the prime rate. However, a healthy level of consumer spending is needed in order

to stimulate GDP growth for the future. And so, the ropes are already becoming

tangled as the causality between one indicator and another begins to overlap.

And then you get the infamous Rand/Dollar exchange rate - one of the primary

topics at the dinner table - what's it doing and where's it going? The South

African Rand is one of the more volatile exchange rates trading in the global

markets. This openness to the global markets takes away a certain degree of

certainty with which our country is able to predict the future value of its

currency, thus sparking large debate over whether it is over- or under-valued,

what its optimum level is for our exporting industry, and where our country

would like to see it sit in the future. The exchange rate's influence on the

housing market comes once again back to its influence on CPIX, and thus the

prime interest rate. If the rand strengthens, imports become relatively more

affordable, and thus as more imports are demanded and purchased, CPIX rises. The

result is a higher level of imports being brought into the country (thus

affecting our trade account, and consequently our current account deficit as a

percentage of GDP - but that's a whole other story!) which pushes the CPIX level

closer to the ceiling target of 6%, thus fuelling the need for an increase in

the Repo rate.

And finally, the never-ending ongoing drama of the oil price. It always seems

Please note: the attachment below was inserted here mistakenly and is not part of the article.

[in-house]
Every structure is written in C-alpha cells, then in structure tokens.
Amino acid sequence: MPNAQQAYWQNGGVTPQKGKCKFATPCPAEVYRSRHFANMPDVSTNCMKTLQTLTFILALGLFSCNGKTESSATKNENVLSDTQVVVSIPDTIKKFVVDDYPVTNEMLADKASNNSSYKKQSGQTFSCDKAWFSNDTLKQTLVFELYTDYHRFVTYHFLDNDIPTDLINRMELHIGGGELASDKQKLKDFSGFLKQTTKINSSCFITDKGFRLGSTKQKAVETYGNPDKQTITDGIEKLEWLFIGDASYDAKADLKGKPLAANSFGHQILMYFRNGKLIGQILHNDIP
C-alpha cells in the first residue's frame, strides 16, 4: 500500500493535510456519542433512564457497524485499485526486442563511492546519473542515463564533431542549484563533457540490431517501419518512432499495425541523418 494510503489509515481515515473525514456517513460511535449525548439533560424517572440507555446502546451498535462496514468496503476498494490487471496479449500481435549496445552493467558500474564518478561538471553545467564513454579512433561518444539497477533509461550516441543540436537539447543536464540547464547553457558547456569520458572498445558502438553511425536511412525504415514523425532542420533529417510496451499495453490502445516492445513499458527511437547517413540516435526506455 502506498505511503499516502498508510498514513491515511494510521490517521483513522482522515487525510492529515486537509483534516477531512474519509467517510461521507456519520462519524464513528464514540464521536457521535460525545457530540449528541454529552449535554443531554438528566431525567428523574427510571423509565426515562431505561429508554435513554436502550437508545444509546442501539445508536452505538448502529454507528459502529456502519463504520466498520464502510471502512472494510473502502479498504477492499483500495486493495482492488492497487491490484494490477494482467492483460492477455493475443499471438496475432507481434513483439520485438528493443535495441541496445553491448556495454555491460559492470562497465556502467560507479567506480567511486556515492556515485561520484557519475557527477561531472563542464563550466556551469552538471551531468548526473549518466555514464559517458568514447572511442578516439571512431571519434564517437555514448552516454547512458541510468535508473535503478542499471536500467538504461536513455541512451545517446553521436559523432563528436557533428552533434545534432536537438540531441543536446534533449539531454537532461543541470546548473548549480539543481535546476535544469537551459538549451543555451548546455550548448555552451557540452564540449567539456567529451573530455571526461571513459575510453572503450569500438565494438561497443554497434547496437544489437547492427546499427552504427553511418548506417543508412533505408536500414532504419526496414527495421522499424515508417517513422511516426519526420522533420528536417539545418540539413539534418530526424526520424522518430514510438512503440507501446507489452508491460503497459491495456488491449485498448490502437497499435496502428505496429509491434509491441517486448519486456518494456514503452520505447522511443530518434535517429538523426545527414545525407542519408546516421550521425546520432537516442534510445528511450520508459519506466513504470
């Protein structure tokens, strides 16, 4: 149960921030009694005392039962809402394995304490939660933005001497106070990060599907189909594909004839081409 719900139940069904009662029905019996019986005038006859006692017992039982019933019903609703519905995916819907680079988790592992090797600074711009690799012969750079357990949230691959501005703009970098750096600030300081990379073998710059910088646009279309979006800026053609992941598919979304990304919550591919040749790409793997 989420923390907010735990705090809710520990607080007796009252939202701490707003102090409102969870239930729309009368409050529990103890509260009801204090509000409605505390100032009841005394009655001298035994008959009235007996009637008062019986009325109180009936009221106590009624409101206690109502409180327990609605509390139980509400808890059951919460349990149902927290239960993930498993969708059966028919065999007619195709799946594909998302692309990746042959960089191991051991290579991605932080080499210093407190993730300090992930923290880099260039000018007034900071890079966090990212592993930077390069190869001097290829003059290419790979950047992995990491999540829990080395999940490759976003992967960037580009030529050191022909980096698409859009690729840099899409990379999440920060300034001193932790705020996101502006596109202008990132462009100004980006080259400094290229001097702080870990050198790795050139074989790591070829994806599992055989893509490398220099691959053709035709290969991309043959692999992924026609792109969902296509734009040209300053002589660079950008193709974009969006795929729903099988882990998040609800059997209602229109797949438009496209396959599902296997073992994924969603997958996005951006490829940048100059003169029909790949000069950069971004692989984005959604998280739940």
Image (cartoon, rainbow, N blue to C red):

rather odd to me how the world ever got themselves into this mess of oil

dependency and cartels. But the reasons are attributable to days gone by and the

decisions of our forefathers. Oil, as a direct contributor to our energy sector,

largely affects our popular friend, CPIX, due to the amount that needs to be

imported and the price at which it enters the country (the exchange rate at

which it is purchased). As a result, should the price of oil increase (and in

turn, it's highly irritating cousin, the fuel price) the prices of consumer

goods will increase. This is not the only manner in which oil as a commodity

affects our economy, but one of the more simplistic ways in which to understand

it's effect on CPIX, the prime interest rate, and ultimately, the housing

market. The current price for Brent Crude oil has subsided over the last few

months, mainly due to a warmer-than-expected winter in the northern hemisphere

and the resulting need for less heat. In South Africa, the oil price contributes

significantly to CPIX and its recent decline has played a part in CPIX remaining

below the 6% ceiling.

The general ins and outs of just some of the indicators we see so often

splattered across newspaper billboards has been unpacked, but what is the

general consensus of the economy's temperature? What type of housing market is

this cocktail mix creating? Any economy moving from developing to developed

status will experience its own unique combination of both success and failure

along the way. Given the positive sentiment within the South African economy,

together with the faith and drive for a better future, these major economic

indicators point to a housing market that is expected to remain healthy and

sustainable. House price growth has remained steadily at a year-on-year figure

of 6% for the beginning of 2007, and is expected to pick up speed in 2008 as the

expanding middle class continues its demand for housing.

And so, the question must be posed: do we want this economy shaken or stirred?

According to the experts, shaking may result in a more satisfying drink, but may

'bruise' the spirit. Personally, I say shake it like a Polaroid Picture because

this country has more spirit than any bartender could ever attempt to combine.